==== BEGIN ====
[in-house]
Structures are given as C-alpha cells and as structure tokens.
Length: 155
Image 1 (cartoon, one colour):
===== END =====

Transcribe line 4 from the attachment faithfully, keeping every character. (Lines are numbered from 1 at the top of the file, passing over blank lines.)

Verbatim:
Image 1 (cartoon, one colour):